Missing Persons and Mistaken Identities: Women and Gender in Ancient Israel

Missing Persons and Mistaken Identities: Women and Gender in Ancient Israel

Missing Persons and Mistaken Identities: Women and Gender in Ancient Israel

Missing Persons and Mistaken Identities: Women and Gender in Ancient Israel

Synopsis

In these outstanding studies, Phyllis Bird retrieves the identities of women in ancient Israel through penetrating investigations of Israelite religion, the creation stories in Genesis, harlots and hierodules, and the interpretation and authority of the Bible.

Excerpt

The gains in feminist interpretation in recent years are immense. Indeed, since the publication of God and the Rhetoric of Sexuality by Phyllis Trible in Overtures in 1978, feminist practices in Scripture interpretation have become well established as inescapable and welcome perspectives in the midst of more general interpretive theory and practice. Few, if any, have contributed more to the effectiveness and cruciality of this fresh interpretive angle than Phyllis Bird. the present volume attests to her steadfastness in such an enterprise. Because this collection of essays stretches over the long period of her research, a longitudinal range evidences not only her maturing sensitivity about the issues but also her development and growing sophistication in hermeneutics more generally. Indeed, Bird can speak of the "interpretive legacy of representatives of the first generation" of feminist scholars. and while she stands in continuity and solidarity with their work, she has pursued her own quite distinctive course of study to our great gain.

It is now a commonplace to observe that patriarchal habits have dominated both the text and the history of interpretation. There is no doubt, moreover, that correction of such unfortunate perspectives has required determined and sustained advocacy. While Bird has shared the concern of feminist advocates, her work is of another sort, surely in the long run more durable and more persuasive than frontal advocacy. For along with her acute theological sensitivity, Bird is a discerning historian who proceeds by a study of the sociopolitical environment in which texts are placed, offering an account of the context that decisively impinges upon the voice of the text. Thus Bird is precisely the sort of scholar who can help most in facing texts that are ideologically tilted, combining the discipline of a critical historian and the sensitivity of a knowing theologian. Her several essays presented here make clear that moving beyond conventional ideological reading requires sustained attentiveness and technical competence along with a good deal of courage.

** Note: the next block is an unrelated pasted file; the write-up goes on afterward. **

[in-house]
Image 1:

Theological exposition cannot simply read across the top of the text . . .

Search by... Author
Show... All Results Primary Sources Peer-reviewed

Oops!

An unknown error has occurred. Please click the button below to reload the page. If the problem persists, please try again in a little while.